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Connect the Dots

The best time-filler for a coloring book - beyond coloring, of course - was connect-the-dots. I liked those projects simply because I enjoyed seeing what the image would turn out to be. The older I became, the less I enjoyed it since I saw what the item was without the lines being drawn. Life can be that way, an image without the lines that seems confusing and lost; books often begin in this process, but as we write, the lines are drawn and behold: an image appears.

Sometimes, the lines are drawn, and we don't realize it, though. One thing that I enjoy doing is looking back to see how an idea developed. Sometimes I remember all the little lines and dots that connected to create a book; often times, I don't.

Currently, I'm editing since it's nearly the end of March, and I have to finish up a few projects. I finished Constrained in November, but as I edit, I realize that I need more information in the book, so I adjust and add as I go. It's a part of the editing process that I enjoy anyway. Yet, this book is interesting in the connections that created it ... connections that I never considered.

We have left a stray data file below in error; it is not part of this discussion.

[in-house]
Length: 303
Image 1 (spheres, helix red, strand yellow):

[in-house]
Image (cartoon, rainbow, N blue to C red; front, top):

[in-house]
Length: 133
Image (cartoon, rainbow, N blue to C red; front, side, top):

The initial concept came from a friend who gave me the story idea that connected to me wanting to write a novel in Louisiana which connected to a novel I had already begun. While doing research for the book(s), I learned about the wetlands and bayous that are disappearing as well as how important these items are. While editing, I've read articles about Creationism and the focus on how the world was created versus how we respond to the world. If we honestly believed that God created the world, why are we not trying to conserve this world given to us instead of throwing all our energy into proving how it was created?

All of these dots are being connected into a book that I think will have some major impacts, beyond just being a great read. Have you ever thought about how your story ideas came to you, and the means that God used to expand the story idea into something larger than you originally thought?


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